posted on Sep, 1 2018 @ 12:59 AM
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Solely depends on what you are going to do. Are you gaming 4k with a ridiculous fps? Multiple graphics cards? Just a single? Your hardware will determine the sort of cooling your need. If your first gaming rig, I recommend just doing air cooling, single graphics card, 2k not 4k, it still looks great and will run great.

If you can pick your cooling, Noctua is great. I have used it in my last two builds. Large (so get a large case), but works great. And water cooling is safe enough now, but if you are not familiar with changing wattage in your bios for OC, don't. Use the high performance in a board like Asus, and just roll with that. Will be fine. : )



posted on Sep, 2 2018 @ 08:06 AM
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a reply to: BigDave-AR

You have a 16"x8"x3.5" radiator on your computer???

Did I read that correctly?



posted on Sep, 2 2018 @ 08:25 AM
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a reply to: CX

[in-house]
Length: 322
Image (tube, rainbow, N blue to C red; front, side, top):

I recently bought an Alienware PC that is liquid cooled and am more than happy with it now.
There is not a game it won't run.

The only advice I have though if you go with a prebuilt PC,
get the biggest power supply you can with it,
especially if Alienware.

Mine would reboot itself when I first got it, and after doing some deep research I found that with Alienware PCs,
if you don't get the larger power supply,
it will reboot due to not enough power. The only solution I found to fix my problem was to turn off the LED lights so I don't draw as much power.

Works like a charm now though.



posted on Sep, 2 2018 @ 08:27 AM
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originally posted by: Flyingclaydisk
a reply to: BigDave-AR

You have a 16"x8"x3.5" radiator on your computer???

Did I read that correctly?

It’s more like 2.5” deep but otherwise yessir I’m one of those “overkill is underrated” types!